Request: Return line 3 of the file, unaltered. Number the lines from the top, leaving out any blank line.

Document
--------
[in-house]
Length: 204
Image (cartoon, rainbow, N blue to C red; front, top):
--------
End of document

Image (cartoon, rainbow, N blue to C red; front, top):